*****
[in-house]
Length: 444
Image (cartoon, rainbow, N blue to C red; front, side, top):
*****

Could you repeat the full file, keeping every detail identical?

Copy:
[in-house]
Length: 444
Image (cartoon, rainbow, N blue to C red; front, side, top):